Metastatic Colorectal Cancer

Metastatic colorectal cancer happens when cancer spreads beyond the colon or rectum and surrounding lymph nodes and into other organs. This is referred to as metastasis, or you may also hear people refer to it simply as mets or mCRC.

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Metastatic colorectal cancer happens when cancer spreads beyond the colon or rectum and surrounding lymph nodes, into other organs. This is referred to as metastasis, or you may also hear people refer to it simply as mets. You may also see it written as metastasized colorectal cancer or mCRC.

Cancer is named based on where it starts, so even if your cancer has spread to the liver, for example, it’s still considered colorectal cancer. But it’s colorectal cancer with mets to the liver.

Any colorectal cancer that has metastasized to a distant organ is considered stage IV colorectal cancer (stage 4 colon cancer/stage 4 rectal cancer). Colorectal cancer stages are based on location and amount of metastatic disease.

The most common organs for metastatic colorectal cancer include:

  • Liver (most common)
  • Lungs
  • Peritoneum (lining of the abdomen)
  • Ovaries
  • Brain
  • Bones
  • Spinal cord

Is my cancer curable? What are my odds?

There are survivors of every colorectal cancer stage, including those who have survived metastatic colorectal cancer. It’s important to talk with your doctor about survival rates and treatment planning, as it will be more aggressive for you.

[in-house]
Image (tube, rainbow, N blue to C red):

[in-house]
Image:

All stage IV colorectal cancer tumors should receive biomarker testing. It’s imperative that you have a biomarker testing report so you can make informed decisions based on how your tumor is made up. Some therapies may not work for you based on your tumor biomarkers.

Ask about biomarker testing BEFORE you begin any treatments.

Many patients may not be considered curable by their medical teams, but they have lived long lives on therapeutic maintenance programs. Other patients with metastatic disease have been declared no evidence of disease (NED). It’s advisable to work with your doctor on a treatment plan that fits your unique needs and preferences.

Is metastatic colorectal cancer common?

Based on data from the National Cancer Institute’s SEER program, 23% of colorectal cancer patients are diagnosed with distant colorectal cancer, which involves stage IV disease.

Approximately 70% of patients with colorectal cancer will experience metastatic disease at some point— either at diagnosis or after treatment.

How is stage 4 colorectal cancer treated?

Treating metastatic colorectal cancer isn’t a one-size-fits-all approach. Your treatment plan will need to be very unique based on your biomarkers and where the cancer has spread. Some treatment options may include:


It’s important to ask your doctor if you’re operable, as some patients are not. However, depending on where the cancer has spread and how extensively, some patients do face a surgical option. It may be recommended that you undergo other treatment options to shrink or eliminate tumors before surgery.